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Top Guns (part 2)
For the rest of the September 2002 issue of CRM magazine please click here
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Channel Champion David Hood | President and CEO, ACCPAC Selling CRM into the mid-market has traditionally been a tough nut to crack. But to expand his company's reach into this market, David Hood, president and chief executive of ACCPAC, has come up with a solution, albeit a bit unorthodox for the CRM industry: the value added reseller (VAR), or the technology consultant channel. ACCPAC already has a list of more than 5,000 VARs selling its accounting software, so why not enlist their help? Hood maintains that it is a logical transition for these accounting partners, who already understand ACCPAC's back-office solutions, to service and support its front-office eCRM solutions. Hood argues that both the back-office and the front-office solutions coming from the same vendor and installed by the same solutions integrator minimizes integration issues. Already ACCPAC has roughly 150 VARs certified to sell ACCPAC's eCRM suite of products. Undoubtedly, Hood's background with the VAR channel has influenced the company's unconventional approach to selling CRM. His relationship with ACCPAC began in 1985 when he started his five-year career as an ACCPAC accounting solutions reseller. In 1990 he joined Computer Associates, supporting ACCPAC channel partners throughout New England. As CA's senior vice president of worldwide channel marketing, he worked with VARs and distributors to increase CA's global channel presence. Hood, who lives in Danville, Calif., with his wife and children, holds a B.S. in management advisory services from Southern New Hampshire University. --David Myron CRM Superman Adam Klaber | Global CRM Leader, PwC Consulting Adam Klaber may well be the Clark Kent of the CRM world. By his steady and confident demeanor, one would never guess he oversees one of the largest CRM consulting practices in the world. As Global CRM Leader for PwC Consulting, Klaber sits atop a $1 billion business. But the difference between Klaber and other executives is, he was not brought in to run an established CRM business. Rather, he was instrumental in building PwC's CRM practice from the ground up.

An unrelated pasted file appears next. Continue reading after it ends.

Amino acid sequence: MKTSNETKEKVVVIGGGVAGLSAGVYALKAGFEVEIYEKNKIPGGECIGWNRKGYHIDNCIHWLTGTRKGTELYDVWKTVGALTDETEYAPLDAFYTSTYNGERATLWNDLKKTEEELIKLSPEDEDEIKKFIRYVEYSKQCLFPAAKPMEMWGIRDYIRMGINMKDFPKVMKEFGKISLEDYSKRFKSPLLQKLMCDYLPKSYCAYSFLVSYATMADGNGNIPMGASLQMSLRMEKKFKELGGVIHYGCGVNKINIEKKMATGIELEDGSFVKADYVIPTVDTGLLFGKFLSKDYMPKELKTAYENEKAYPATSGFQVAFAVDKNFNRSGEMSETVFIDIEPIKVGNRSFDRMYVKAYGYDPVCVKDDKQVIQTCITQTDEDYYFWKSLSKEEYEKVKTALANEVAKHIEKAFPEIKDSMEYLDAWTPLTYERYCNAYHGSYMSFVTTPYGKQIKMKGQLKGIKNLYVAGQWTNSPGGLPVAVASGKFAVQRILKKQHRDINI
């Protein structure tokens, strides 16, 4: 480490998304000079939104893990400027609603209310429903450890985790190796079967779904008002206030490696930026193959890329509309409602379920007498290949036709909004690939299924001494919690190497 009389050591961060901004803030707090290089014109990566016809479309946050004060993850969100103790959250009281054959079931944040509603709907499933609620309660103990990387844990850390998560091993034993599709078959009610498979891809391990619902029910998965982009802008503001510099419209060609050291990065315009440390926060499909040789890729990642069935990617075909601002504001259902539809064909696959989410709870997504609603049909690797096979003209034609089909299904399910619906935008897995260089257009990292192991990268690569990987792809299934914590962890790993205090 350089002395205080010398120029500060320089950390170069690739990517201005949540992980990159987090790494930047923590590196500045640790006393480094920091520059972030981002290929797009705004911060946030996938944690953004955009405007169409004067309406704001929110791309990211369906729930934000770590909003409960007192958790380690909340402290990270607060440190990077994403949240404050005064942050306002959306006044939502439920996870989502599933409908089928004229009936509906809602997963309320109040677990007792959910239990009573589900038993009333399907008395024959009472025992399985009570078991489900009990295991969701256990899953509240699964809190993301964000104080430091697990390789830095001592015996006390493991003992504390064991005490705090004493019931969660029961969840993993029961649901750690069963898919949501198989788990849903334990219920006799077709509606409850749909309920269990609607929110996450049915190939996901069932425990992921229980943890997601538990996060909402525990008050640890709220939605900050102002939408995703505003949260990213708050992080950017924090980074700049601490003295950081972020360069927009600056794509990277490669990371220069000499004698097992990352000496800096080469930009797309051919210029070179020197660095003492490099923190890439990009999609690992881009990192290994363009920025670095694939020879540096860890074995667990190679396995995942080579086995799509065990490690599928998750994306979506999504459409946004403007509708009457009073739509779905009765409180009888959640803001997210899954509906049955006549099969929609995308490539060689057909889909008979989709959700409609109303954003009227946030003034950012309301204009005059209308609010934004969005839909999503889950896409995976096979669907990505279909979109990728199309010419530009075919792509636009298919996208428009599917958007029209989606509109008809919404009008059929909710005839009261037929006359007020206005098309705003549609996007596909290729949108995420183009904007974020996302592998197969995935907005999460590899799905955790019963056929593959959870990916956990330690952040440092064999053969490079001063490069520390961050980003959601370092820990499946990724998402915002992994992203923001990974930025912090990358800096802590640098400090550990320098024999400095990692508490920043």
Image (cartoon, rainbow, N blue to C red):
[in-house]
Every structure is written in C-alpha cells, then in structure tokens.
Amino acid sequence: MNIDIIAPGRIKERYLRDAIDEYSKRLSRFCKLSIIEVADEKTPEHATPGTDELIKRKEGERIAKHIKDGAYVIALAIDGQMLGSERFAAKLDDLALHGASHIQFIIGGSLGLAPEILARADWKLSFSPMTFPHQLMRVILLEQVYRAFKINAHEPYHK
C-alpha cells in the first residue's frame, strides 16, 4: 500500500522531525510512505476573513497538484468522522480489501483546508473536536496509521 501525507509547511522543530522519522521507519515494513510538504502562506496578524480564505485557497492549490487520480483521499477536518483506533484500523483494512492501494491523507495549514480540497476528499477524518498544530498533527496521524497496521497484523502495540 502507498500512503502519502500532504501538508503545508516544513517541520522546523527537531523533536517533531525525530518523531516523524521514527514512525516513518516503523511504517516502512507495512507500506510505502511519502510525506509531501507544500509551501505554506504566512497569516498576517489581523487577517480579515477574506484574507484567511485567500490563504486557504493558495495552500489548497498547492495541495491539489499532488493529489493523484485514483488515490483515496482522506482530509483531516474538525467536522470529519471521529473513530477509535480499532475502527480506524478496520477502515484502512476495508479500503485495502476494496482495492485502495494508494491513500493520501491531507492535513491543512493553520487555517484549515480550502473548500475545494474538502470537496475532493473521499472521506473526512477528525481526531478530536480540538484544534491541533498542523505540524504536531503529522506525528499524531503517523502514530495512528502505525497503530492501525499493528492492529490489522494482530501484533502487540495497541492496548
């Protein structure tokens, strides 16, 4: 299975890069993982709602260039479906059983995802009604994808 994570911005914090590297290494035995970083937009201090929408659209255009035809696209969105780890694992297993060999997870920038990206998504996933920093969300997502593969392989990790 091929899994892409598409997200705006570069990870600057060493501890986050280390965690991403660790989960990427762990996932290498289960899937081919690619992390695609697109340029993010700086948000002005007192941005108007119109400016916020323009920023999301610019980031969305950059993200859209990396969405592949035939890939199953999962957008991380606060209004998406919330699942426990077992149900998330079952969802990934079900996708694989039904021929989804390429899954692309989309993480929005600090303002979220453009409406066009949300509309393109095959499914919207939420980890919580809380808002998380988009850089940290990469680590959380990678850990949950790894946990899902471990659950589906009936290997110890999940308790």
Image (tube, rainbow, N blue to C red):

"My start in CRM involved a large ERP project that was providing consolidated sales and order management information, but we weren't getting into the sales and marketing organization of the client," Klaber says. "We saw a real opportunity to help companies sell and market; that was 1996. So I helped start the practice and we brought it all together into the overall practice." Although Klaber oversees the CRM efforts of PwC Consulting and runs in the same circles as Siebel's Tom Siebel and PeopleSoft's Craig Conway, he strongly feels his time is best spent interacting with clients. As a result Klaber, who is married with three children, is on the road a lot and is known for working long hours. That doesn't leave much time for his other passions: his family and golf. Regardless, he still manages to help coach his children's little league games. This overflowing schedule would explain why he still gets excited when he breaks 100 on the golf course. "He routinely shoots an 80, but I am never with him," jests Sam Kapreilian, a partner at PwC. In seriousness, Kapreilian describes Klaber as one of the top leaders in PwC, who "has a great deal of connection with people and reads situations very quickly. Oh, and by the way, he understands technology." --Elliot Markowitz Change Agent Paula Kruger | General Manager, CRM, EDS Corp. Paula Kruger likes to shake things up. The 51 year-old general manger of CRM for EDS is never satisfied with the status quo. From her choice of reading material (First You Break all the Rules: What the World's Greatest Managers Do Differently) to her favorite basketball team (Dallas Mavericks and their billionaire bad boy owner, Mark Cuban) to her first job after graduate school (manager of a legal services organization for retired New York City police detectives), Kruger doesn't shy away from the unconventional, the unorthodox, or a hefty challenge. Eighteen months into her position Kruger says the job keeps getting more exciting. That's because she is a leading the charge to take EDS from a firm that offers CRM consulting to the first name in CRM services. Despite deriving $1 billion in annual revenue from CRM, EDS is not where Kruger knows it could be. She is attempting to position EDS as "the dominant and recognized leader for large, [multinational], and mid-market companies" looking for CRM services. And Kruger knows what her customers want. Prior to joining EDS she served as executive vice president of operations for Excel Communications, where she managed call center operations and was responsible for provisioning, billing, and distribution. During her tenure the company achieved the highest satisfaction rating among long distance telecommunications companies from J.D. Power. --Lisa Picarille Guerrilla Leader Bo Manning | President and CEO, Pivotal Corp. Bo Manning has a singular goal: to make Pivotal so dominant in CRM's mid-market that it becomes unattractive to the enterprise players. Over the past year Manning, Pivotal's president and chief executive, has hired sales and technology heavy-hitters away from the likes of Siebel, Oracle, and J.D. Edwards. "We need to bring in people who are used to winning in a big way, and people from these companies are used to that," says Manning, whose goal is to grow Pivotal to a $500 million company, from its current level of more than $16.5 million in total revenues. This is not a far stretch considering that prior to joining Pivotal he built and led Deloitte Consulting's $500 million CRM practice. So far, so good. Since Manning joined Pivotal it has had two consecutive quarters of revenue growth, and the company is now the fastest-growing vendor by percent increase in license revenue, Manning says. "Manning put together a plan and rapidly figured out how to position the company and how to go to market. He understood the culture of the company had to change, and found a set of executives to lead all this," says Christopher Lochhead, a partner with the strategy consulting firm Lochhead Corp. and a member of Pivotal's board. "Ever since he has been executing that plan with speed and passion." Manning's current focus is to continue "delivering on the promise of CRM to the midsize enterprise," he says. "Midsize enterprises will never say, 'Siebel and Microsoft are so good at helping me get what I need from CRM.' That secures our strategic future." --Ginger Conlon Market Maker Charles Phillips | Managing Director, Morgan Stanley Charles Phillips is not your typical financial analyst. While many of his peers are content to cover popular technology categories such as e-business, Phillips, managing director of enterprise and Internet software for Morgan Stanley, carries the weight of the entire enterprise software space on his shoulders. That does not mean he spends his time just evaluating Oracle or Computer Associates or even Microsoft. Rather, he is known for being an expert on all of these, as well as on CRM vendors like Siebel and PeopleSoft. All the top CRM executives have Phillips on their speed dial, and he can make or break any company's stock with a "buy" or "sell" recommendation. "Chuck is very connected to the industry," says Adam Klaber, Global CRM Manger for PwC Consulting. "He is really in tune with the financial strengths of these organizations and how well they run their management teams." Phillips joined Morgan Stanley in December 1994 as an equity research analyst covering enterprise and Internet software companies. Before that he covered the enterprise software sector, with stints at Kidder Peabody, SoundView Financial, and The Bank of New York. Phillips is ranked the number one industry analyst in enterprise/server software by Institutional Investor, and has been a member of its All-America research team since 1994. "I would say Chuck is extremely bright, street smart, and not easily intimidated," says Craig Conway, president and chief executive of PeopleSoft. "He follows the entire enterprise software space, which is no small feat, and each of the segments in that space." Phillips received a B.S. degree in computer science from the United States Air Force Academy, after which he served as a captain in the Marine Corps in the data processing field. He earned an MBA in finance from Hampton University in Virginia, a J.D. from New York Law School, and is a member of the Georgia State Bar. He is also a chartered financial analyst and a member of the Institute for Electrical Engineers. --Elliot Markowitz The Challenger Hasso Plattner | CEO and Cochairman, SAP AG The chase is on. Siebel's commanding lead in the CRM market appears to be dwindling thanks to Hasso Plattner and crew at SAP. Plattner, cochairman and chief executive of SAP, and his team are the first to make a concerted effort to combat CRM giant Siebel by garnering 6 percent market share in the past two years, to bring its total CRM market share to 8 percent this year. Siebel Chief Executive Tom Siebel questions these gains, saying much of SAP's CRM revenue is derived from giving away the application with its integrated offering. Regardless, who better to challenge Siebel than Plattner, an electrical engineer who founded SAP with four IBM colleagues in 1972? Plattner is described as "clearly a technology visionary," by Michael Park, vice president of global product marketing for SAP. "He's always been three to five years ahead of the market. Some would argue five to ten years ahead." SAP's investment in portal technology has largely aided its market share run-up, Park says. "This was the thinking of Hasso in the context of where enterprise software is going in the future: It is important to support key business challenges and processes, not functionality. The portal architecture brings a new level of openness and capabilities to customers, and provides them with a framework based on their roles in the organization," Parks says. "Hasso is a key reason the company is where it is today. His technology vision enables him to see things other people are not able to see until it's already in front of them." --David Myron The Messenger Scott Nelson | Research Area Director, Gartner Inc. For all the controversy Scott Nelson has caused, he has given the CRM industry a chilling, yet much needed, wake-up call. Nelson, a research area director at Gartner, has come under fire for trumpeting his message that CRM failure rates have reached the high range of 50 percent to 80 percent. The controversy, according to CRM consultants, comes from analysts' definition of failure. Whether the findings from the well-respected research firm are accurate or not, they certainly splashed some much needed water in the face of technology buyers, forcing them to ask smarter questions about CRM. Nelson changed the way corporations evaluate CRM deployments and changed the way vendors sell into the market. "The failure rates have had a definite dampening effect on the market," says Nelson, a seven-year Gartner veteran and a 14-year veteran of the financial services industry. "A lot of clients are saying, 'We're not sure we should do CRM because of the failure rates. If the odds are better than fifty percent that I'll fail, I'm not sure I want to do it.'" This customer pushback has enraged CRM vendors and consultants. "We have some people accuse us on the hype cycle that it pushes CRM into the trough," Nelson says. "However, it makes people realize CRM has to be viewed as more than just a technology. It helps firms become more conscious of properly staffing projects and demanding more rigorous ROI work. It has helped the market mature." --David Myron The Veteran Pioneer Roger Siboni | President and CEO, E.piphany Roger Siboni knows a thing or two about market leadership. After all, he spent 20 years with KPMG Peat Marwick LLP, most recently as chief operating officer, advising companies on how to grow their businesses. In the past year he has put that knowledge to work as president and chief executive of E.piphany. At a time when most vendors are treading cautiously, Siboni has led E.piphany through a series of calculated risks designed to lock the company in a growth position. "He is very focused on making E.piphany successful, and has the knowledge and experience to make that happen," says Bob Joss, dean of Stanford University's Graduate School of Business and a member of E.piphany's board. Siboni successfully led E.piphany's launch of E.piphany E6 and its subsequent transition from being a marketing and analytics vendor to being a full-footprint CRM company that offers sales and service tools as well. "E6 unifies all the applications we built, as well as those we bought, into a single J2EE platform," Siboni says. E.piphany is now running on a single platform, which is significant to how it will develop and integrate new applications. "Just like when we first pioneered Web-based [CRM], we have brought the first full end-to-end J2EE CRM to the market with the first complete Web-based architecture that is a glimpse of what the Web services architecture will look like," Siboni says. --Ginger Conlon Industry Goliath David Thacher | General Manager of CRM, Microsoft Business Solutions, Microsoft Corp. David Thacher is in a unique position. As general manager of CRM for Microsoft Corp., Thacher has an army of enviable resources behind him, including the undeniable clout of the Microsoft brand name. What he doesn't have is a product--Microsoft CRM isn't due out until the end of 2002. Its introduction in March ended months of speculation, but also sent rivals scrambling, even if it was only to issue a press release saying they weren't worried that an 800-pound gorilla was moving into their neighborhood. Regardless, the fact that Microsoft is now officially in the CRM space is perhaps the single biggest event in the industry this year. However, Thacher is non-plussed by it all. After all, he's used to creating demand and awareness for a product that isn't there yet. Thacher was responsible for bringing Microsoft's NT operating system to market. Thacher is quick to credit his team, but admits that once MS CRM was announced his profile rose and his inbox starting filling up with requests from partners, third-party software developers, potential large customers, and analysts eager to hear more about Microsoft's efforts. Although Thacher enjoys spreading the word about MS CRM, what he is really looking forward to is letting the product speak for itself. --Lisa Picarille The Enthusiast Ron Wohl | Executive Vice President, Applications Development, Oracle Corp. Ron Wohl's first job during high school was as a traditional pen-and-paper draftsman, but he quit after a week out of boredom. But the high-energy, constantly on-the-go executive, isn't likely to be bored by his current job as executive vice president of applications development at Oracle. Wohl oversees a team of more than 5,000 and leads the applications group, which includes CRM, manufacturing, financials, distribution, business productivity, human resources, and government financials software. An avid cyclist and photographer, the 41-year-old Wohl makes no bones about Oracle's place in the CRM space. "It'll be just us and SAP left standing," he says. Wohl staunchly belief in integrated offerings and making things simpler for customers. Any vendor not doing that won't be in the game, he says. Wohl has become an evangelist for CRM. "The customer cannot be king if the product isn't king, if the service isn't king." Winning is what it's all about for Wohl. And that means building the right product and thinking of CRM beyond traditional SFA products and realizing there is a blurring between front- and back-office applications. Previously Wohl served as Oracle's chief quality officer and assistant general manager of the System Product Division. Prior to joining Oracle in 1986 Wohl was a consultant with Boston Consulting Group. --Lisa Picarille